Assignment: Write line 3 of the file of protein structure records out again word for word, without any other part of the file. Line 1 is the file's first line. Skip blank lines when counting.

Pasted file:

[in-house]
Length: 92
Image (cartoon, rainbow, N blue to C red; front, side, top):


Image (cartoon, rainbow, N blue to C red; front, side, top):